Why MBA After Engineering ? - Balaji Viswanathan
Content & PR team - MBAtious
Balaji Viswanathan is a Product Manager at a VC funded startup in Boston. He has a Bachelors in Engineering, MS in Computer Science and an MBA specializing on Entrepreneuership/Finance from Babson college. He founded multiple startups that were funded by top accelerators and also worked at Microsoft helping build Windows and a few research prototypes.
Let us see the leaders of 5 top technology companies.
1) Satya Nadella (CEO of Microsoft) - BE, MS, MBA
2) Sundar Pichai (defacto CEO of Google) - B.Tech, MS, MBA
3) Shantanu Narayan (CEO of Adobe) - BS, MS, MBA
4) Tim Cook (CEO of Apple) - BS, MBA
5) Sheryl Sandberg (COO of Facebook) - BA, MBA
See a common thread? This dream is the reason why many of us do our MBA after engineering. As my professor on innovation used to say, MBA will not help you a lot in founding a successful company, but it does help in taking over & scaling a company someone else founded
There is a fundamental misunderstanding among many people on what MBAs and business schools do. The dominant assumption among many Indians seems to be that MBA and B.Tech are completely unrelated degrees. On the contrary, engineering degrees and MBAs are much more related and form quite a combo. Many great economists did this [including our former RBI governor Raghuram Rajan]. It is like adding ketchup to the french fries.
First, understand the key career paths after MBA from a top school:
- Investment Banking: Use all your math, logic and Excel knowledge to help companies buy other companies or buy other assets. Engineers have a strong advantage here as they are trained in quantitative methods and great at hard-nosed logic. Added bonus if they have a good knowledge of particular industries [say a Mechnical engineer who had worked in auto sector].
- Product Management: Be the bridge between the engineering and marketing in technology companies. The engineering background would help you understand & work with the engineers, while the MBA background would help you plan and sell.
- Management Consulting: Help companies make changes in their business to improve profit margins. You need to be really good at data and have a very sharp, analytical brain. The engineering background would help you do your work, while the MBA would help you sell your work. Both are equally important.
Other less sexy career paths like operations management also involve a heavy dose of engineering. There are a few other paths sales roles in technical companies where MBA+Engineering combo would help. Think of the two-stage rockets we studied in Physics. MBA forms the stage two propulsion for many engineers.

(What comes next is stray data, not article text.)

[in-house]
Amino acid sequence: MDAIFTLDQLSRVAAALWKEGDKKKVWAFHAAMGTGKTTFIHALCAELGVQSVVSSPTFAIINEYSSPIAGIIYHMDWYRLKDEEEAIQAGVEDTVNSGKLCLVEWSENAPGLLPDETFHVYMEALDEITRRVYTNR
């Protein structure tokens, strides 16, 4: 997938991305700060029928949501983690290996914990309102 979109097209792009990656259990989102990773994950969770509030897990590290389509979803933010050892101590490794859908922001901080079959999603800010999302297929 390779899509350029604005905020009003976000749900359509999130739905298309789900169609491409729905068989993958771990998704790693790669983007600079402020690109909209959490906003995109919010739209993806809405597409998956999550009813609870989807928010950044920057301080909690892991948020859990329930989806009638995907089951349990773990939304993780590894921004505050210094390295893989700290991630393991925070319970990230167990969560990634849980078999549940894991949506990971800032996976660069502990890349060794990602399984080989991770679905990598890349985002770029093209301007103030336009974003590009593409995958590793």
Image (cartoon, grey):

Why MBA completes an engineer?
1) In Engineering degrees, we are not taught key things like strategy. But, if you are scaling a business or managing a business, this is very important. Many engineers eventually go on to become managers/entrepreneurs and are handicapped without this knowledge.
2) Engineers often find it hard to respect and appreciate the business side of things. They often underestimate things like sales and marketing. This leads them to perpetually low-paid careers. MBA degree can often fix this.
3) Engineers are good at the details, but often lose the big picture. They often miss the forest for the trees. MBAs are the complete opposite - they create castles in the air. Engineering+MBA let you be at the right level of detail.
4) MBA frees up the engineer to work in a variety of industries. Management roles in many industries are quite sexy. On the other hand, engineers are often restricted to certain industries [like software] if they want to earn well.
5) Engineers often don't know the value of their work. Engineers with MBAs are a little more smart selling themselves
For me personally, I work with developers [and sometimes even code myself] and I have a Computer Engineering background. At the same time, I also spend a lot of time with my Marketing and management teams in doing things like strategy and budgeting. This is where the MBA helps.
Are there some more statistics & research on this?
...roughly 40 percent of the S&P 500 chief executives have MBAs in any given year..Among the top 10, half had MBAs...
CEOs who had an MBA on average ranked 40 places higher than CEOs who didn’t have an MBA (a statistically significant effect).
And if you look at Indian-origin CEOs in the US, the difference is even more stark - practically everyone has an MBA, as our non-MBA networks are relatively shallow [given that we are immigrants]. Indira Nooyi [Pepsi], Vinod Khosla [one of the star investors in the valley], Ajay Banga [Mastercard], Ram Shriram [an initial investor at Google] besides Nadella, Pichai and Narayan mentioned at the top.
Don't follow the herd mentality though. Leaders never follow the herd and also all the people mentioned above went to the top MBA schools. Pursue an MBA only after you have worked a few years and pursue it from the best.
Summary: MBA is a degree that is designed to be at the sweetspot of engineers. Engineers can both use their core skillsets and also learn things they really suck the most - presenting and organizing themselves better. Also, 90% of the top Indian engineers don't end up in the IIMs and help the nation build its engineering power. The rest 10% (the MBAs) make sure that the work of other 90% gets its due value.